Ambivalence and its influence on participation and non-participation in screening for colorectal cancer
Young, Graeme Paul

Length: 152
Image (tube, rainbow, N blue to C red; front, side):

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Colorectal cancer (CRC) is one of the most prevalent cancers worldwide, and an ideal target for early detection and prevention through cancer screening. Unfortunately, rates of participation in screening are less than adequate. In this article we explore why people who were offered a fecal immunochemical test for CRC decided to participate or not, and for those who did participate, what influenced them to take action and complete the test. We conducted four focus groups and 30 telephone interviews with 63 people. The main reason people decided to screen was “wanting to know” their CRC status, which operated on a continuum ranging from wanting to know, through varying degrees of ambivalence, to not wanting to know. The majority of participants expressed ambivalence about CRC screening, and the main cue to action was the opportunity to screen without being too inconvenienced.